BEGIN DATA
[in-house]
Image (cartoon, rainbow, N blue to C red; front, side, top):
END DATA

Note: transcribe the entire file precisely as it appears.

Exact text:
[in-house]
Image (cartoon, rainbow, N blue to C red; front, side, top):